– Me and Jenny decided to go and explore the forest one day. There was a real ‘autumn’ vibe in the air, in fact I think that was one of the first really cold days in Voronezh (we’d been having 20 degree weather prior to that!) and all the orange leaves were falling from the trees – perfect for photos. After some negotiating with a man with a leaf blower, we managed to secure 2 bikes for an hour and we were off on our way. The bikes were quite old and had no brakes, but we didn’t mind too much. That was until I completely lost control when Jenny swerved suddenly in front of me and I fell off; permanently bruising my bum forevermore. Perhaps, my bike riding skills still have a way to go! After lying on the floor for 20 minutes in sheer pain, we realised how deep into the forest we were and how quickly we needed to cycle back – not a great thing for my aching bones. It all worked out OK in the end though, despite the fact that I still have a dent in my derrière and I couldn’t sit down for about a week afterwards! Although this may seem like a dreadful experience, it was actually quite the opposite. Instead it was a brilliant day, topped off with a shopping spree at the mall, which balanced it all out. Plus, you’ve gotta learn to laugh at yourself!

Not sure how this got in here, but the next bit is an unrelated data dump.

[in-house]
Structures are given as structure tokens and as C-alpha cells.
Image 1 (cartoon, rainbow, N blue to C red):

– We watched a local football match and the home team, Fakel, just so happens to be one of the worst in the world… Still, despite all odds, they managed to score themselves a win (1-0 to a team that I think was called Dinamo). It wasn’t an exciting match by any means, and it was a chilly evening so sitting still for 90 minutes wasn’t the best thing for our extremities but I’m glad we went. Some people left half-way through (to go and drink at a bar – surprise, surprise) but we paid good money for these tickets (£1.50…) and I would rather watch a crappy football match than watch other people drink, so a few of us stayed and had fun chanting ‘F*** You’ instead of Fakel because number 1) it sounded exactly the same and number 2) no-one here speaks English so they wouldn’t have a clue that it was rude. Yay for profanity!
– Me and Jenny have started walking home from university. Taking the bus would cost us just 20p a journey and the walk takes us over an hour, but we do it because we really need the exercise. We do NOTHING here and when all we eat is carbs, it can start to have an effect pretty quickly! Plus, it’s the best way to squeeze in some girly time, enjoy the fresh air, people watch and listen to music before going back to our host families and being fed 3278347932 more plates of food.